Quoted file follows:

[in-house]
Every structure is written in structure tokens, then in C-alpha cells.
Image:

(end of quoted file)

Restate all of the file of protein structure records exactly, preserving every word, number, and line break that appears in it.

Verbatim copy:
[in-house]
Every structure is written in structure tokens, then in C-alpha cells.
Image: